US 99 – Weigh Station and Expressway

Virtual Tour of old US 99

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Castaic Junction Weigh Station

Old weigh station along US 99. Photo Courtesy - Michael Guerin
Old weigh station along US 99. Photo Courtesy – Michael Guerin
Pre-1929 alignment merging with the expressway just north of Rye Canyon Road. This marks the northern end of the old Santa Clara River alignment.
Pre-1929 alignment merging with the expressway just north of Rye Canyon Road. This marks the northern end of the old Santa Clara River alignment.
Expressway section of US 99 south of Castaic Junction.
Expressway section of US 99 south of Castaic Junction.
Adjacent to the former truck weigh station. Note the painted recesses in the curbing.
Adjacent to the former truck weigh station. Note the painted recesses in the curbing.
1948 Culvert at the former San Francisquito Creek crossing.
1948 Culvert at the former San Francisquito Creek crossing.
Weigh stations along I-5 and US 99. Lower road is US 99 with the Santa Clara River at the bottom of the image.
Weigh stations in 2000 along I-5 and US 99. Lower road is US 99 with the Santa Clara River at the bottom of the image. Courtesy – Caltrans.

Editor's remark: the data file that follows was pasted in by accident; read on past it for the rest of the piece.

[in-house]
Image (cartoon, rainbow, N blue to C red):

This section of highway was first paved in 1917 with a 15 foot wide concrete roadway. In 1922, it was widened to 20 feet. The collapse of the St Francis Dam on March 12, 1928 brought a change to this section of US 99 in addition to the Santa Clara River crossing. San Francisquito Creek formerly crossed US 99 just north of the weigh station. The flood caused by the dam diverted the stream to the south, creating a new channel. It also washed out a three span through-girder bridge built in 1916 to cross the creek. This was replaced with a small culvert.

In 1932, this section was widened to three lanes. In 1948, it was widened further to a four lane expressway. The weigh station was replaced in 1964 when this section of I-5 was built. The oleander in the center divider can be found along much of 99 and a few modern freeways. It served two purposes. One was to eliminate the glare from opposing headlights and the other was to create a barrier between traffic lanes. It remains as one of the few sections still intact of the 1940’s upgrade.

Go North on US 99 / West SR-126 to Bakersfield / Ventura

Go South on US 99 / East SR-126 to Los Angeles

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